First to speak was Dr Drammeh; Drammeh has a pool of expertise from different academic specialisms within humanities coming from both a Political Science and Islamic Studies background, in particular Islamic Thought. ‘For me, forgiveness means removing your right to revenge. If Nelson Mandela had of taken revenge – where would South Africa be now? In my religion, you forgive for the sake of God.’ Reverend Nsenga-Ngoy, speaking from a Christian perspective, commented ‘forgiveness is about reconciling with God and the restoration of ourselves with others – putting the other at the heart. It is about relationships and healing.’ ‘We all seek forgiveness from God; it is a deep spiritual journey that I think we as humans need’ commented Rabbi Neuberger in agreement.

Many similarities around forgiveness were highlighted across the faith traditions, yet there were slight differences. Rabbi Neuberger commented ‘Jews don’t believe you can forgive on behalf of others. So I have a difficulty in the film with Ginn forgiving Letlapa on behalf of her daughter.’ Neuberger told the audience a story of a holocaust victim who ‘forgave’ a man that was partly responsible for the death of 300,000 people. ‘Many Jewish people had a problem with this – the victim could forgive him but not on behalf of others.’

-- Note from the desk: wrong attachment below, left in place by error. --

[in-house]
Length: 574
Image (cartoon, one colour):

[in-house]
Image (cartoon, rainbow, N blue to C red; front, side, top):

Neuberger pointed out the important difference between reconciliation and conciliation that the film presents; conciliation is one-sided, and reconciliation is both sides at peace. ‘I feel that Ginn is ‘coming to terms with’ rather than ‘forgiving’.

‘We all need to instil these values of forgiveness and patience in our children, across our communities, in politics and practise them ourselves’ stated Drammeh.

One member of the audience asked the panel ‘how does reconciliation and forgiveness go alongside justice and retribution?’ Lusa answered that salvation is about healing and repentance and Neuberger stated ‘you need to face justice; this is one part of it. The two are different but they go hand in hand’.

T shirts at Interfaith Week in London
The audience moved into small groups to share their personal experiences of Patience and Forgiveness and what struck them about the passages shared by the panel and in the film. It was a taster for many to Scriptural Reasoning – a source of stimulating stories and an opportunity for reflection and understanding. The evening highlighted the importance of storytelling and consistent dialogue to heal and develop empathy.

Initiatives of Change and London Central Mosque will plan a follow-up event for spring 2016 using IofC's Imam and the Pastor film, another award winning documentary from IofC that offers a message of hope for the world.

With sincere thanks to St Georges Church, Nehemiah Foundation and West London Synagogue for their generosity and contributions which made this event possible.